38. Polanyi M (1968) The tacit dimension. Doubleday, New YorkGoogle Scholar
  39. Porter J (1995) Moral action and Christian ethics. Cambridge University Press, CambridgeGoogle Scholar
  40. Searle J (1983) Intentionality. Cambridge University Press, LondonCrossRefGoogle Scholar
  41. Smart N (1958) Philosophers and religious truth. SCM Press, LondonGoogle Scholar
  42. Swinburne R (1993) The evolution of the soul. Oxford University Press, OxfordGoogle Scholar
  43. Taylor C (1989) Sources of the self. Harvard University Press, Cambridge, MAGoogle Scholar
  44. Urmson J (1968) Saints and heroes. In: Melden A (ed) Essays in moral philosophy. University of Washington Press, SeattleGoogle Scholar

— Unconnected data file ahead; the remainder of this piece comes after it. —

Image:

45. Velasquez M (1983) Why corporations are not responsible for anything they do. Bus Prof Ethics J 2:1–18CrossRefGoogle Scholar
  46. Vollmer E (1999) Agent causality. Kluwer Academic, DordrechtCrossRefGoogle Scholar
  47. Williams BOA (1962) Aristotle on the good: a formal sketch. Philos Q 12(49):289–296CrossRefGoogle Scholar
  48. Wisor S (2011) Against shallow ponds; an argument against Singer’s approach to global poverty. J Glob Ethics 7(1):19–32CrossRefGoogle Scholar
  49. Yandell K (1993) Hume’s inexplicable mystery. Temple University Press, PhiladelphiaGoogle Scholar

Copyright information

© Springer Nature Switzerland AG 2020

Authors and Affiliations

  1. 1.Formerly Charles Sturt UniversityNewcastleAustralia

Section editors and affiliations

  • Cristina Neesham
    • 1
  • Rob Macklin
    • 2
  1. 1.Newcastle University Business SchoolNewcastle upon TyneUK
  2. 2.University of TasmaniaHobartAustralia

Personalised recommendations